A Co Donegal school could lose half of its teachers under Government proposals, it was claimed today.
Scoil Cholmcille in Glengad has six teachers – and may be reduced to three.
Fianna Fáil Spokesperson on Children Charlie McConalogue has hit out at the Minister for Education Ruairí Quinn for his “unfair treatment” of rural schools.
The Donegal North East TD has said disadvantaged schools in rural communities have lost out in the review of the cuts to DEIS schools announced in the budget.
Deputy McConalogue said: “I believe that Minister Quinn has treated rural schools like Scoil Colmcille, Glengad completely unfairly. The Minister admitted he made a mistake in the Budget by cutting staffing levels at DEIS schools across the country.
“He spent weeks reviewing his mistake, but still failed to reverse it outright. Instead, he made a partial reversal by allowing some disadvantaged urban primary schools to keep their staff. It appears that rural disadvantaged schools are still facing cuts in September.
“As it currently stands Scoil Colmcille Glengad will lose almost 50% of its teaching staff, going from 5 classroom teachers and one resource teachers to a 3 teacher school with a part-time resource teacher. Parents are understandably upset as they genuinely believed that the Government realised their mistake and would reverse it. They made submissions to local Government Oireachtas members in good faith, only to result in no change in the cuts they are facing.
“All schools on the DEIS programme, urban and rural, had to go through the same process to secure their current staffing levels. It is seems terribly unfair that only some urban schools are seeing the benefit of the Government’s review of the cuts.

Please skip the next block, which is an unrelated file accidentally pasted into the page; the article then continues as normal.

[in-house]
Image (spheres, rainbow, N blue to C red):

“Glengad and more than half of the primary schools in Co Donegal will also be hit by increases to the pupil teacher ratio for small schools across the country. Under an announcement in the Budget, Glengad will lose a teacher based because the school’s current enrolment levels are one pupil below the 83 pupil cut off. The school will have 89 pupils enrolled from this September on, so will have the right to appeal the cut. Other schools in the firing line will have to prove that pupil numbers will rise significantly in the coming years if they wish to retain current staffing levels.
“All of this is just another example of this Government’s anti-rural agenda. Rural communities have been targeted by Labour and Fine Gael for far greater cuts to resources and amenities. Rural dwellers are facing cuts to local garda resources, cuts to community hospitals and nursing homes, septic tank charges, increases in school transport charges and now the prospect of significant cuts to their local school. This is deeply unfair and rural Ireland will not put up with it.”